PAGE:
All I can say is that those who overlook the message because of who the messenger is, are the hypocrites...
    If that's aimed at me, I don't overlook the message.

    Those who espouse the message without following to the utmost themselves are hypocrites.

    Yawn, do you really believe that a message from the Pope on social justice should be listened to without paying attention to the extent to which the Church's record concurs with the ideal of social justice?

    If Tony Blair made a speech on peace in the Middle East (to draw an analogy) do you think that message should be listened to without examining the speaker's record on the subject in question?

    I'm aware they do a lot, however unlike you I'm not totally uncritical of the actions of the Catholic Church. They could do a lot more, and some of the measures they have in place are quite harmful.

    Your idea of a debate seems to be everyone lining up to say how wonderful the Catholic Church is, without allowing for the possibility that there might be shortcomings in major areas.

    That's not a debate, it's a eulogy.
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    (Original post by Bagration)
    Organised religion as it has happened in practice is totally unrelated to Social Justice. I'm not sure how the Pope can claim to practice what he preaches when he lives in such wealth. Aside from spreading false information like "This recession is caused by capitalism" and "We will all be rich as long as we ignore our own self-interests", what does the Papacy really do to help people?

    Of course, I'm not saying that it should. I don't believe in "social justice" or that people are born with responsibilities to other people. I think that's collectivist nonsense, and that it's also dangerous. But if the Holy See is going to claim that they're working for the interests of the poor of this world they're going to have to do alot more to prove it, in my opinion.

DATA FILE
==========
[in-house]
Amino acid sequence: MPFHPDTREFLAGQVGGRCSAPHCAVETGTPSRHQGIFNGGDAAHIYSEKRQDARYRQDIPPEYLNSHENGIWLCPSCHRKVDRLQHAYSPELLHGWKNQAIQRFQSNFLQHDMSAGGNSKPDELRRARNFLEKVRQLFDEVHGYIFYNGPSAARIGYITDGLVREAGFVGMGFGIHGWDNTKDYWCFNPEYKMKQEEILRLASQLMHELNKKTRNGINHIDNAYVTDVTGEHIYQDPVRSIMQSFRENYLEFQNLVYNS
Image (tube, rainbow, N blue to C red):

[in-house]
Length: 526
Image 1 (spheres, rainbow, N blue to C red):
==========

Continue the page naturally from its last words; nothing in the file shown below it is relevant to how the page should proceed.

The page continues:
It's also pretty absurd that it is being essentially claimed by the Pope that Socialism is the only way to stop poverty.
    Rather than assuming what the Pope is saying because of your political disdain for 'Socialism' generally, read what he says and then maybe you'll be in a position to involve yourself in the debate in a meaningful mannner.

    I'll post the link again - read it or I'll copy and paste the whole thing and put it right in front of your nose!


    http://www.vatican.va/holy_father/be...ritate_en.html
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    (Original post by Andy the Anarchist)
    If that's aimed at me, I don't overlook the message.

    Those who espouse the message without following to the utmost themselves are hypocrites.

    Yawn, do you really believe that a message from the Pope on social justice should be listened to without paying attention to the extent to which the Church's record concurs with the ideal of social justice?
    You are making throw-away comments without any proper substantiation so how can you expect anyone to pay any attention to your denigrations? Of course it depends on what the individual's ideal of social justice is. It is not something than can be succinctly expressed in one sentence.